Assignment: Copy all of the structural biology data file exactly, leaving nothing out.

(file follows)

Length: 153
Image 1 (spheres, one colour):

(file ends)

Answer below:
Length: 153
Image 1 (spheres, one colour):